Perhaps I should rephrase all of above to say that the tests do not seem to start with actual valid usage patterns -- at best it feels artificial. They only read/write JSON, but make no use of it. I understand that this makes sense from one point of view -- trying not to add overhead of manipulation -- but, unfortunately, due to different trade-offs, it skews results. So when user uses, say, JAX-RS style REST handling, where all JSON data gets bound to a POJO, from an InputStream; and reverse direction goes from another POJO into OutputStream, performance experienced is very different from what a benchmark would suggest.

On the other hand, if the idea is to use "untyped" Objects, at least code should do some form of traversal; and, if same object is to be used for round-tripping, also modifications.

In case of Boon, what happens is that the use of overlays (indexing of raw input, to be able to extract data), along with lazy construction of Maps, hides the actual overhead that would be experienced. And if Strings are used as the source/target, encoding/decoding overhead (which varies between Jackson and Boon -- Jackson targets this step heavily), it further reduces Jackson's end-to-end relative efficiency.

InfoQ: Do you plan on making Jackson faster in the future or is it "fast enough"?

TS: At this point I can address small things, but I do not have major plans to focus on performance. I hope to address some findings (benchmarks have been useful!) to lower overhead when reading from String sources; and Jackson Afterburner module has some of these aggressive optimizations. But these will be incremental improvements most likely.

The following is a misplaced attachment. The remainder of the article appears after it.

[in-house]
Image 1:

Performance has not been the number one goal since earliest 1.x releases; and while I do want to keep overhead moderate and low, there are more important things to focus on: ease of use, support for other formats (XML, CSV, CBOR, Smile), conventions, modular data-type handling libs (Joda, Guava) and so forth.

I guess it is fair to say I feel it is close enough to "fast enough", in the right ballpark.

InfoQ: Thanks for your candid responses!

TS: No problem -- Thank you for digging into this. I think Boon for JSON is a useful thing over all; and specifically it is great that Groovy gets modern high-performance support. But I do hope that comparisons are apples to apples, and claims are in line with supporting evidence. :)

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Hmmmm.... by Richard Hightower

Tatu Saloranta is awesome. I respect him. I don't always agree with him but that is ok. The dude is awesome. Period.

Jackson is much more mature and I have used it. Jackson is very solid, and I have a lot of respect for Jackson. Tatu Saloranta is very prolific. It is hard to keep up with everything he is doing. He is awesome.

Jackson is a safe bet. And unless you are never hitting a DB or doing IO, JSON parsing probably wont be an issue for you. I actually said this many times on the blog post. Read the Caveat section.